One of the most significant things to inform the 2001 re-enactment’s re-opening of 18 June 1984 had been the revelation 10 years before that the BBC news had transposed the sequence of events at Orgreave so as to make it appear as if the mounted police charge at the miners was a defensive action in response to violence by the picketers as opposed to an offensive strategy that was subsequently greeted with retaliatory violence by the picketers. In 1991 the BBC issued a statement (which Deller quotes on screen) claiming that, in ‘the haste of putting the news together … an editor inadvertently reversed the occurrence of the actions of the police and the pickets’.

Since Deller’s re-enactment, other factors have come to light that again have altered perceptions of Orgreave, 1984, such as the well-substantiated allegations that South Yorkshire Police systematically altered evidence they gave in the aftermath of Orgreave, as was revealed in 2012 they had also done after the tragedy of Hillsborough.


Orgreave now

This is what, until recently, Orgreave’s satellite image on Google Maps looked like: a vast, empty, largely forgotten space in the middle of several small mining villages: Catcliffe, Treeton, Handsworth, Woodhouse and Orgreave. When this week I visited the site, there was no road sign to Orgreave the village, and certainly no sign to the site of the British Steel coking works over which the ‘battle’ raged.

A factor that binds conventional historical re-enactment and The Battle of Orgreave as alternative forms of ‘living history’ is their shared physicality, as Deller and his re-enactors traipsing across a field function as literal metonyms for the intellectual, figurative re-examination of the events on the picket line in 1984. Freud’s idea of the uncanny is, quite legitimately, bandied about with abandon in critical writing about re-enactment (in Nichols’ essay, for instance), but the physical side of the uncanny experience is not always emphasised. Freud envisage, for example, that an ‘uncanny effect’ can be produced ‘when the distinction between imagination and reality is effaced, as when something that we have hitherto regarded as imaginary appears before us in reality, or when a symbol takes over the full functions of the thing it symbolizes, and so on’ (Freud 1919: 367). Earlier in his essay, Freud provides four short but pertinent illustrations of the mutual influence of the physical and intellectual to providing the feeling ‘of helplessness and uncanniness’: walking through ‘the streets of a provincial town in Italy’ and unwittingly returning to the same piazza, losing ‘one’s way in a mountain forest’ and being brought back to ‘the same spot’, wandering about ‘in a dark, strange room, looking for the door or the electric switch’ (359) and coming across something such as the same number ‘several times in a single day’ (360). All these examples are characterised by the transference of physical sensation onto the cerebral act of remembering and vice versa, or alternatively the homogenisation between the two as the complex foundations of the uncanny as both emotion and fantasy.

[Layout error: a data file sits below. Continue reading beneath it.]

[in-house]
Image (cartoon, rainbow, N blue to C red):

The actual terrain covered, the site specificity of the whole Battle of Orgreave project is a determining element, from congregating in the field next to the open cast mine, to Figgis’s rough, following-the-action, handheld camera style, to walking round the assembled archive in the Tate Gallery exhibition. Fascination with the uncanny aspects of documentary, with – as Leacock termed it, mobilising the moving image to replicate the feeling of ‘being there’ – remains an ideal, but one which is impossible to realise, except via the uncanny – the repetition of something from the past that prompts an uncanny feeling of what is popularly known as déjà vu. In effect, the re-enactment of the Battle of Orgreave is the meeting point between two different uncanny experiences: the conventional Freudian uncanny of finding oneself ‘led back to what is known of old and long familiar’ (340) and a more contemporary recall of a ‘reverse uncanny’, whereby the return to an iconic or memorable site recalls specifically familiar archival images of what happened at that location as opposed to the location itself, accumulated in our historical or collective memory banks.